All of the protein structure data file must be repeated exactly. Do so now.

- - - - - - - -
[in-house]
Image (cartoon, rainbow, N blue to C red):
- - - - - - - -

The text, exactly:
[in-house]
Image (cartoon, rainbow, N blue to C red):